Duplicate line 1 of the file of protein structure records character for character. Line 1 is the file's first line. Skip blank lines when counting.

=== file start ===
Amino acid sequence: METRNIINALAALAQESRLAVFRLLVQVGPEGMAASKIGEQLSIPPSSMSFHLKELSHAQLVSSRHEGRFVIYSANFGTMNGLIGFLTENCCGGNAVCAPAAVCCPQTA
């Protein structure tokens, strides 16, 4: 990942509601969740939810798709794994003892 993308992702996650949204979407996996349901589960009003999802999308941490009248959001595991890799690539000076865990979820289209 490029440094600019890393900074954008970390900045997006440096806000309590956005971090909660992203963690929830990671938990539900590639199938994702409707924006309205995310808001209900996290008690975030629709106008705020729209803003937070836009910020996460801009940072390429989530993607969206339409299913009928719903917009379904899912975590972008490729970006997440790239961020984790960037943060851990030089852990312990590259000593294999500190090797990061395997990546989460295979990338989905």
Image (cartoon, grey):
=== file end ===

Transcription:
Amino acid sequence: METRNIINALAALAQESRLAVFRLLVQVGPEGMAASKIGEQLSIPPSSMSFHLKELSHAQLVSSRHEGRFVIYSANFGTMNGLIGFLTENCCGGNAVCAPAAVCCPQTA